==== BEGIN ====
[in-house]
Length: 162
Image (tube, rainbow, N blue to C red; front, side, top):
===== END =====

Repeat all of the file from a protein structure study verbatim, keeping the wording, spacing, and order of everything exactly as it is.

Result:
[in-house]
Length: 162
Image (tube, rainbow, N blue to C red; front, side, top):